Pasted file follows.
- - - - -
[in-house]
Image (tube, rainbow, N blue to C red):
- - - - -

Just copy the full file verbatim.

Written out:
[in-house]
Image (tube, rainbow, N blue to C red):